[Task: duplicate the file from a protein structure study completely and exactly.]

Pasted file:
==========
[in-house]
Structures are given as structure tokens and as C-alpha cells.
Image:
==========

[in-house]
Structures are given as structure tokens and as C-alpha cells.
Image: